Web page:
Image credit to Total Innovation Management Foundation
Innovation isn’t reserved for small start-ups. More and more big brands are developing Innovation Labs and hiring Innovation Consultancies to create game-changing products and services. Brands increasingly need to engage consumers in unconventional ways, but only a handful of these brands dedicate in-house resources to systematically understand consumer needs and drive new ideas.
What’s surprising is the fact that many executives prioritize existing goods and services without truly considering how their customers or markets have changed. But some leading brands are doing just that: leveraging new technologies to deliver innovative solutions.
Here are four brands spearheading Innovation:
Nordstrom’s Innovation Lab describes themselves as “a team of techies, designers, entrepreneurs, statisticians, researchers, and artists, all trying to discover the future of retail.” Nordstrom’s Data Scientist, Erin Shellman, said in a recent interview, “the goal of the Nordstrom Data Lab is to deliver data-driven products to inform business decisions internally, and to enhance customer experience externally.”
As consumers become more and more attached to mobile devices, the opportunities for retailers to engage them become both easier and more difficult. While the opportunity is ripe, the means through which companies capture consumers’ attention must be strategic and deliberate. Whether a company uses scannable barcodes to relay detailed product information or mobile apps that allow consumers to skip checkout lines depends entirely on the behavior of their target market.
It's impressive that a company established in 1901 would leverage today’s technology to positively impact the future of their business. Nordstrom’s Innovation Lab is certainly setting new benchmarks in retail. The upscale fashion retailer definitely isn’t the new kid on the block, but their innovation lab has been called “a startup inside a Fortune 500 company.”
Ford Silicon Valley Lab is a self-proclaimed “hotbed of creativity, innovation, and entrepreneurship” located in Palo Alto, CA. Their team is comprised mostly of engineers in various disciplines, including mechatronics, product development, and embedded software. Paul Mascarenas leads the group as the CTO and VP of Research and Innovation along with K. Venkatesh Prasad, Senior Technical Lead, and Randal Visintainer, Director of Manufacturing, Vehicle Design and Safety.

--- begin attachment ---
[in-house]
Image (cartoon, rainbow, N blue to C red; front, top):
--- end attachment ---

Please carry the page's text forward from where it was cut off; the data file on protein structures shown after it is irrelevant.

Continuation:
Not only does Ford have an innovation lab that focuses on user experience and big data, but they’ve taken it a step further by fostering co-creation. Their Innovate Mobility Series encourages software developers to solve mobility issues around the world. There are currently six open challenges listed on their website. Four of the six are shown below:
Ford Innovate Mobility Series Challenges
Co-creation excites buyers by giving them a public call-to-action. By turning consumers into innovators Ford empowers potential buyers by inviting them to participate in the innovation process.
The Home Depot took a different approach to in-house innovation when they acquired Austin, TX based startup BlackLocus back in 2012. BlackLocus builds technology designed to help retailers make data-driven pricing decisions using algorithms. By uncovering consumer spending patterns, Home Depot hopes to make more informed decisions when it comes to what products they should offer and at what price. Since its acquisition, BlackLocus has been renamed the Home Depot Innovation Lab and its focus has remained on how to give Home Depot a competitive edge using software and analytics.
Rather than opening physical stores in new locations or reviving struggling locations, large retailers like Home Depot are using this money to invest in technology. As customers increasingly rely on smart devices for shopping, it is important that retailers understand these new spendng habits before allocating resources to enhancing physical spaces.
Online retail giant eBay has a Research Lab that focuses on creating innovative technologies that “will fuel the growth of eCommerce and help shape its future.” Since it’s inception in 1995, eBay has grown internationally with over 33,000 employees who’ve facilitated the selling of over $67 billion worth of online goods. No wonder the eBay Research Labs consist of seven different in-house groups:
eBay was one of the first online retailers to directly connect buyers and sellers, particularly in the auction space. As technology has changed, so has eBay’s platform and the way they’ve engaged consumers. Consider eBay’s website in 2000 compared to 2014.
eBay in 2000
eBay in 2014
eBay’s innovation isn’t limited to their digital presence; back in 2013 they signed a deal with Argos that allowed shoppers to pick up their online eBay purchases from local Argos stores.
Big Brand Transformation
As online sales increase year-over-year, large brands must find new ways to connect and engage with consumers. Both Nordstrom and Ford have been around since the early 1900s with Home Depot entering the market in the late 70s. They’re all classic companies who’ve successfully branded themselves as leaders in their industries. And as they look toward the future, they’ve embraced innovation as a means to stay ahead. eBay joined the party a little later, but they’re at no disadvantage when it comes innovation. In fact, eBay was born on the cusp of the Internet boom so it’s no surprise that they value research.
Sure, big brands can’t always move as quickly as startups, but that doesn’t mean they don’t recognize the need for brand transformation. And even if they can’t dedicate in-house resources to systematically drive new ideas, there are Innovation Consultancies like BeyondCurious that help big brands disrupt themselves before they’re disrupted by emerging trends and technologies.